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Dell XPS 13 2-in-1 vs. XPS 13

Dell XPS 13 2-in-1 7390
Dell XPS 13 2-in-1 7390 (Image credit: Windows Central)

The Dell XPS lineup includes laptops that range from 13 to 17 inches in size. If you need something a bit larger that includes the option for a dedicated GPU, have a look at our Dell XPS 15 review. And if you want something that's truly huge, the Dell XPS 17 9710 might just be the right device for you.

There are a couple of things to note regarding the XPS 13 and the XPS 13 2-in-1. Dell has already announced the XPS 13 Plus (9320) at CES 2022. It's a huge step forward for the laptop, bringing in a new keyboard, haptic touchpad, touch bar, performance hardware, and more. It's expected to launch spring 2022; you might want to wait for the latest if you don't need a new laptop immediately.

In the same vein, the XPS 13 2-in-1 should be getting a refresh in the near future. There's nothing concrete yet, but Dell has been blowing out stock at its official site to the point where there's just one configuration left. If you can wait, you might also want to see what the next version of the 2-in-1 looks like. Be sure to check out our Dell XPS 13 Plus vs. XPS 13 2-in-1 comparison to see how they match up.

These two XPS 13 laptops are close siblings, and you're going to get a slim, premium PC in either case. They both have what it takes to make the overall best Windows laptop list. However, there are some significant differences when it comes to hardware and overall design. Let's take a close look at the tech specs available on each laptop to better understand how they differ.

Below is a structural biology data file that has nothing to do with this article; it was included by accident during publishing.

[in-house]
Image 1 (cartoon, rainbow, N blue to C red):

Dell XPS 13 2-in-1 vs. XPS 13 tech specs

Dell XPS 13 2-in-1 (9310)Dell XPS 13 (9310)
Processor11th Gen Intel
Core i5-1135G7
Core i7-1165G7
11th Gen Intel
Core i3-1115G4
Core i5-1135G7
Core i7-1165G7
Core i7-1195G7
8GB, 16GB, 32GB
Storage256GB, 512GB
256GB, 512GB, 1TB, 2TB
Display size13.4 inches13.4 inches
Display resolution1920x1200 (Touch)
3840x2400 (Touch)
1920x1200 (Non-touch)
1920x1200 (Touch)
3840x2400 (Touch)
3456x2160 (Touch, OLED)
Aspect ratio16:1016:10
Intel Iris Xe
Intel UHD (Core i3)
Intel Iris Xe
SpeakersTwo 2W stereo
Waves MaxxAudio Pro
Two 2.5W stereo
Waves MaxxAudio Pro
PortsTwo Thunderbolt 4
microSD card reader
3.5mm audio
Two Thunderbolt 4
microSD card reader
3.5mm audio
BiometricsFingerprint reader
IR camera
Fingerprint reader
IR camera
ConnectivityKiller Wi-Fi 6 AX1650 (2x2)
Bluetooth 5.1
Killer Wi-Fi 6 AX1650 (2x2)
Bluetooth 5.1
Dimensions11.69 x 8.15 x 0.56 inches
(297mm x 207mm x 14.35mm)
11.64 x 7.82 x 0.58 inches
(295.7mm x 198.7mm x 14.8mm)
WeightFrom 2.9 pounds (1.32kg)From 2.64 pounds (1.2kg)
MaterialCNC-machined aluminumCNC-machined aluminum
ColorPlatinum Silver and blackPlatinum Silver and black
Frost and Arctic White

Design and features

Source: Daniel Rubino / Windows Central XPS 13 9300. (Image credit: Source: Daniel Rubino / Windows Central)

Both the Dell XPS 13 9310 and XPS 13 2-in-1 9310 are among the sleekest Ultrabooks out there. The standard and non-convertible XPS 13 models are made from a solid chunk of CNC-machined aluminum, available with a Platinum Silver or Frost external finish, and a black carbon fiber or Alpine White woven glass interior. The black internals are classic XPS, but the Alpine White shows no smudges and is ultimately much easier to keep clean. It looks as though the official Dell site is now only selling the 2-in-1 model in the Platinum Silver and black color scheme.